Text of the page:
By Hector Pereira
Caracas, Aug 19 (EFE).- Irianny and her young son are malnourished.
Unable to provide a balanced diet for her family on a teacher’s salary of less than $100 a month, she must seek out free meals at a soup kitchen in this capital, an establishment where Venezuela’s incipient economic recovery is a distant mirage.
Still under the age of two, the child began receiving humanitarian assistance several months ago under a program run by the non-governmental organization Caritas after he showed signs of malnutrition.
Those same symptoms were later observed in his mother, who is now breastfeeding her six-month-old daughter.
The 36-year-old woman said the food assistance her family receives in a low-income Caracas neighborhood is essential and – speaking to Efe ahead of World Humanitarian Day, observed annually on Aug. 19 – called for other soup kitchens to be opened to help “many other” needy people.
At least 5.2 million Venezuelans are in urgent need of basic assistance, according to the United Nations’ new 2022-2023 Humanitarian Response Plan (HRP) for the country.
A total of nearly $800 million is required from international donors this year as part of that plan, which is focused on “supporting health services, improving food security and nutrition, strengthening basic service delivery and education, promoting protection and addressing human mobility,” the UN’s Office for the Coordination of Humanitarian Affairs said in a press release early this month.
Based on an increase in perceived needs, the new HRP tempers the excitement surrounding the incipient economic recovery of a country emerging from a years-long recession.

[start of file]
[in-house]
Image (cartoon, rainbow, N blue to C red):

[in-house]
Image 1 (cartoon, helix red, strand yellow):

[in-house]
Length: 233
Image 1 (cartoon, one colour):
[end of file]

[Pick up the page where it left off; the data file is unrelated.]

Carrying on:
While leftist President Nicolas Maduro’s administration is touting Venezuela’s growth in 2022 as the fastest in Latin America, no country in the region needs as much money to assist its poorest inhabitants.
The necessities are the greatest among certain vulnerable demographic groups – children, indigenous communities, people with disabilities and the elderly – who have not yet felt the impact of the economic improvement.
“Humanitarian assistance in Venezuela must continue since, specifically for these vulnerable groups … the determining factors of their vulnerability haven’t disappeared. There is no economic recovery. There’s no increase in income,” Dr. Javier Manrique, humanitarian coordinator of Convite, an NGO, told Efe.
That organization, which provides near-nationwide support to the elderly population, says 70 percent of that population receives a pension of just $23 a month, a level of earnings that is woefully insufficient in a country where people require roughly $400 a month to cover their basic expenses.
While excitement is brimming due to the return of concerts by international recording artists and the emergence of new start-ups, enormous needs persist and it is more important than ever for the international community to continue to show solidarity with the Venezuelan people, the UN’s under-secretary-general for humanitarian affairs and emergency relief coordinator, Martin Griffiths, said after a visit to the South American nation.
Irianny is proof that those needs have not gone away. Although the teacher doesn’t deny that “some families” are better off today than a few years ago, she says her improved quality of life is due only to humanitarian assistance.
Manrique, for his part, says the country’s “dramatic indicators” – such as an extreme poverty rate of more than 70 percent, according to NGOs – must be highlighted to obtain the international financing that allows a continued flow of aid to the needy.
“The fact that a person … has to choose between medicine and eating, I think is already sufficient to show the level of suffering they’re facing,” he added.
But the doctor, the UN and the government also all agree on the importance of linking humanitarian assistance with skills development, which they say is the best way to ensure the incipient economic recovery is felt by all segments of Venezuelan society. EFE